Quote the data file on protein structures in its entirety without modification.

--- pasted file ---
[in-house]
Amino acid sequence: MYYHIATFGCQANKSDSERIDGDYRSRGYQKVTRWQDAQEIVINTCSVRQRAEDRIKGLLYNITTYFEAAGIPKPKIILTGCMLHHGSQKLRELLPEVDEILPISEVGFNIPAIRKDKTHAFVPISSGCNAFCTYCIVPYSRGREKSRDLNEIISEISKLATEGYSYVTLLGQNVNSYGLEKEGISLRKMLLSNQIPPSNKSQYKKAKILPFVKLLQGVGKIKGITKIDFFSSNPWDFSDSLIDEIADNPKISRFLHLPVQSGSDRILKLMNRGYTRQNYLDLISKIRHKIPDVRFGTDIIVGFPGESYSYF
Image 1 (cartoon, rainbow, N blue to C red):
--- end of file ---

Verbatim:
[in-house]
Amino acid sequence: MYYHIATFGCQANKSDSERIDGDYRSRGYQKVTRWQDAQEIVINTCSVRQRAEDRIKGLLYNITTYFEAAGIPKPKIILTGCMLHHGSQKLRELLPEVDEILPISEVGFNIPAIRKDKTHAFVPISSGCNAFCTYCIVPYSRGREKSRDLNEIISEISKLATEGYSYVTLLGQNVNSYGLEKEGISLRKMLLSNQIPPSNKSQYKKAKILPFVKLLQGVGKIKGITKIDFFSSNPWDFSDSLIDEIADNPKISRFLHLPVQSGSDRILKLMNRGYTRQNYLDLISKIRHKIPDVRFGTDIIVGFPGESYSYF
Image 1 (cartoon, rainbow, N blue to C red):